Support for the transatlantic trade deal known as TTIP has fallen sharply in Germany and the United States, a survey showed on Thursday, days before Chancellor Angela Merkel and President Barack Obama meet to try to breathe new life into the pact. The survey, conducted by YouGov for the Bertelsmann Foundation, showed that only 17% of Germans believe the Transatlantic Trade and Investment Partnership is a good thing, down from 55% two years ago. In the United States, only 18% support the deal compared to 53% in 2014. Nearly half of U.S. respondents said they did not know enough about the agreement to voice an opinion. TTIP is expected to be at the top of the agenda when Merkel hosts Obama at a trade show in Hanover on Sunday and Monday.
Ahead of that meeting, German officials said they remained optimistic that a broad “political agreement” between Brussels and Washington could be clinched before Obama leaves office in January. The hope is that TTIP could then be finalised with Obama’s successor. But there have been abundant signs in recent weeks that European countries are growing impatient with the slow pace of the talks, which are due to resume in New York next week. On Wednesday, German Economy Minister Sigmar Gabriel described the negotiations as “frozen up” and questioned whether Washington really wanted a deal.
The day before, France’s trade minister threatened to halt the talks, citing a lack of progress. Deep public scepticism in Germany, Europe’s largest economy, has clouded the negotiations from the start. The Bertelsmann survey showed that many Germans fear the deal will lower standards for products, consumer protection and the labor market. It also pointed to a dramatic shift in how Germans view free trade in general. Only 56% see it positively, compared to 88% two years ago. “Support for trade agreements is fading in a country that views itself as the global export champion,” said Aart de Geus, chairman and chief executive of the Bertelsmann Foundation.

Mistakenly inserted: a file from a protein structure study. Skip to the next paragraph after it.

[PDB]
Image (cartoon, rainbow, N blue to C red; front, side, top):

Bottom line: “..non-performing debt [..] stands at €360bn, according to the Bank of Italy. So is Atlante — with about €5bn of equity — really enough to keep the heavens in place?”
Atlante, a new private initiative backed by the Italian government, is designed to stop the sky falling in. The fund, which takes its name from the mythological titan who held up the heavens, will buy shares in Italian lenders in a bid to edge the sector away from a fully-fledged crisis. Last week’s announcement of the fund, which can also buy non-performing loans, led to a welcome boost for Italian banks. An index for the sector gained 10% over the week — its best performance since the summer of 2012, though it remains heavily down on the year. But Italian banks have made €200bn of loans to borrowers now deemed insolvent, of which €85bn has not been written down on their balance sheets. A broader measure of non-performing debt, which includes loans unlikely to be repaid in full, stands at €360bn, according to the Bank of Italy.
So is Atlante — with about €5bn of equity — really enough to keep the heavens in place? The Italian government has been placed in a highly unusual position. It has become much harder to directly bail out its financial institutions, as other European countries did during the crisis. Meanwhile, a new European-wide approach to bank failure, which involves imposing losses on bondholders, is politically fraught in Italy, where large numbers of bonds have been sold to retail customers. The new fund also comes in the context of an extremely weak start to the year for global markets. “In this market it is impossible for anyone to raise any capital,” says Sebastiano Pirro, an analyst at Algebris, adding that, since November last year, “the markets have been shut for Italian banks”.
The government has been forced into an array of subtle interventions to provide support. Earlier this year, details emerged of a scheme for non-performing loans to be securitised — a process where assets are packaged together and sold as bond-like products of different levels, or tranches, of risk. The government planned to offer a guarantee on the most senior tranches — those with a triple B, or “investment grade” rating.
Support for dying empires will come at a price. The Nobel Peace Prize came free of charge.